There’s probably no better place in the Delta for hunters and outdoorsmen than Arkansas County. The region’s fertile farmland and abundant duck hunting have made it the Rice and Duck-Hunting Capital of the World.

Duck hunters need not bother stopping anywhere but Mack’s Prairie Wings when making their way into Stuttgart, the county seat for the northern district of Arkansas County. Mack’s is the area’s premier waterfowl outfitter, supplying countless hunters with game calls, duck boats, decoys and so much more. If you find yourself nearby during the week of Thanksgiving, be sure to join in on the fun at the World’s Championship Duck Calling Contest and Wings Over the Prairie Festival. 

Mack’s Prairie Wings in Stuttgart.

In nearby St. Charles, history buffs can get their fill of Civil War history at the St. Charles Museum and the St. Charles Battle Site. St. Charles is considered the site of the single most deadly shot of the Civil War. On June 17, 1862, a shot was fired into the boiler of the Union gunboat, Mound City, killing or injuring most of the crew.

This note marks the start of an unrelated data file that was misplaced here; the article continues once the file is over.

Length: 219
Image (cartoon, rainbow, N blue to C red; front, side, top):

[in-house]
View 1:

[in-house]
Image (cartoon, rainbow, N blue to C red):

Step even further back in time in nearby Gillett, home of the Arkansas Post, which was established in 1686 and was the first European settlement in the lower Mississippi Valley region. Called the “Birthplace of Arkansas,” the post was the site of French and Spanish forts and trading stations, the scene of a skirmish in the wake of the Revolutionary War, a territorial capital, a thriving river port and a battleground during the Civil War.

Stay until January and visit the Gillett Coon Supper – an Arkansas Food Hall of Fame event. Yes, real raccoon is served. 

Wander further south to the junction of the Mississippi and Arkansas rivers to find Desha County, home to some of the richest soil in the Delta. Desha was a regular port of call during the steamboat era, and buildings in Arkansas City, the county seat, are reminders of that time.